Album Reviews

Jimmy Edgar – Color Strip

(Warp) UK release date: 3 April 2006

Jimmy Edgar may be in his early 20s but it’s already several years that he’s been playing records and live sets in Detroit nightclubs with the likes of Juan Atkins and Derrick May. By the looks of things he could be part of the next wave of electronic music talent in the city, continuing a family tree that no other city bar Berlin can rival in the techno world.

Edgar is helped by the past for sure, and his music reverently takes in Kraftwerk as well as the early techno music of artists such as Mr Fingers, setting spatial chords over chattering electronic beats, with fulsome bass lines to bother the subwoofers.

To this blend he unexpectedly adds a dirty, synthesized P-funk style, and this finds its best use in the thrilling My Beats, an irresistibly danceable track that sounds like an updated techno version of Michael Jackson‘s Jam. Prince, too, is a palpable influence in more soulful outings like LBLB Detroit, where a bump and grind rhythm dominates a slow moving chord sequence.

At other times the music is found suspended in outer space. Telautraux begins life as a short wave transmission over a suspended chord, until Edgar gradually and almost imperceptibly introduces some disquieting, mashed-up vocals to confuse things. Jefferson Inception is a superb slice of techno, a deep rhythm chasing Edgar’s hypnotic vocal sample.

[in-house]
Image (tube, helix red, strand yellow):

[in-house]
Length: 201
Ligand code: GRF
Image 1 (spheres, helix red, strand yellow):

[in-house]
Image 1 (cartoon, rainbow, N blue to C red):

On the funkier side of town is the alarmingly titled I Wanna Be Your STD, not quite as alarming as it sounds but still on the grubby, sleazy side of funk, Edgar’s sinister choice of vocal making an impact.

Edgar clearly knows his way around his equipment, and all his tracks have a clear, cogent structure that’s through composed but always containing a good number of riffs to cling onto, vocal samples to digest. His debt to early electronic music is clear but doesn’t get overplayed, rather it’s used as a springboard to blend in the new.

An auspicious debut then, and one that puts Edgar in line to the throne currently occupied by artists such as Derrick May and Carl Craig. With a suitably appealing mad streak that’s bound to be encouraged by his forthcoming tour with Jamie Lidell, tied to a strong sense of craft and care in his work, the potential is clearly there for Edgar to go a lot further. His development deserves to be closely monitored.

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Jimmy Edgar – Color Strip